Many winners at Radio City Music Hall on June 11 had their bestselling weeks to-date after being recognized for achievement and, in the case of musicals, making the most of the international platform to present songs from their shows.
Broadway producers and investors made the brave decision to present several new plays without stars this past season.
Audiences haven’t followed. Grosses for straight plays (non-musicals) tumbled 15 percent in the 12 months ending on Sunday, after plunging 27 percent the previous season, according to statistics out today from the Broadway League. At $154 million, it was the lowest-grossing season for plays in at least six years.
With a week to go, 2016-17 has already surpassed last season’s record grosses.
After 51 weeks, Broadway has sold $1.415 billion of tickets, vs. $1.373 billion for all of 2015-16. Sales are on track to rise 5 percent, according to figures from the Broadway League.
EXCLUSIVE: On Sept. 27, 2012, four days before Rebecca the Musical was to begin rehearsals, it sold 27 tickets.
The day’s “wrap,” or sales, was $2,952.50, according to an internal production document introduced this week in the Rebecca civil trial.
Its advance sale was $1.035 million, the document said. “That would be a weak advance,” testified Aaron Lustbader, a partner at Foresight Theatrical, the general manager of such shows as Phantom of the Opera. Lustbader wasn’t involved in Rebecca, which was postponed for the third and final time a day before rehearsals were to start. Big musicals typically wrap $50,000 each day before previews, he testified yesterday.
Easter week was flush for Broadway’s flashiest star vehicles and dismal for serious new plays, Pulitzer Prize notwithstanding.
Two Scott Rudin productions in previews tell the story: Hello, Dolly! with Bette Midler passed $2 million for the first time, its average ticket rose $8 to $201, according to sales figures released by the Broadway League. Meanwhile Lucas Hnath’s A Doll’s House Part 2 was little changed at $91,000, with an average ticket of $24.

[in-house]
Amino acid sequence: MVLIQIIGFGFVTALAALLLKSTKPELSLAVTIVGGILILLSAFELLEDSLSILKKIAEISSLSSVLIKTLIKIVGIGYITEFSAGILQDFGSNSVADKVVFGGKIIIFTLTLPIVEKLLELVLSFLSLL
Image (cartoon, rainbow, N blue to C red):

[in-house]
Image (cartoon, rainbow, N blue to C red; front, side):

Ben Brantley called J.T. Rogers’ drama about the 1993 accord between Israel and the Palestine Liberation Organization “crackling theater” when he reviewed it over the summer. Since transferring from Lincoln Center Theater’s Mitzi Newhouse to the Vivian Beaumont, it sold a healthy $297,000 in its first four previews, buoyed by LCT members with access to discounted tickets.
One of the season’s most anticipated musical revivals, the Scott Rudin-produced Hello, Dolly!, got off to a fast start in Broadway’s top-selling and best-attended week of the year.
The show grossed $1.4 million in five previews, according to the Broadway League. Both its $750 top seat and $196 average ticket were second only to Hamilton: An American Musical, which has an $849 top ticket and $267 average last week. The numbers confirm that Dolly!, with Midler singing on Broadway for the first time since Bette! Divine Madness in 1979, is on track to be the top-grossing new production of the spring. The classic last appeared on Broadway two decades ago, with Carol Channing reprising a role she played repeatedly on Broadway and on tour.
Sunday in the Park with George, which began a more experimental phase for Stephen Sondheim when the musical debuted off-Broadway in 1983, is doing big business in its latest go-round.
Sales for the revival, with movie star Jake Gyllenhaal as pointillist painter Georges Seurat (and his fictional great-grandson in Act Two), jumped 18 percent to $1.1 million last week. The average ticket, at $140, was topped only by Hamilton and Dear Evan Hansen.Continue Reading
In an unusual reversal caused by the departure of its No. 2 theater critic, the New York Times relinquished its support of Significant Other once it arrived on Broadway.
What Charles Isherwood deemed “an entirely delightful new play” in his 2015 review off Broadway at the Roundabout, Ben Brantley found to be a “bubbly, teary comedy” that is reminiscent of Wendy Wasserstein but “talks too much and too explicitly” and might be more satisfying 20 minutes shorter. The review, which appears on page C3 in the paper rather than the section front, isn’t cited as a “critics’ pick.”
Broadway audiences can’t get enough of Glenn Close or Andrew Lloyd Webber.
A new revival of Sunset Boulevard grossed an impressive $834,000 in its first five previews last week at the Palace Theatre, according to figures from the trade association the Broadway League. It is Close’s 13th role on Broadway since 1974. And along with Cats, School of Rock and The Phantom of the Opera, the adaptation of the Billy Wilder classic film noir is the fourth Lloyd Webber musical running on Broadway.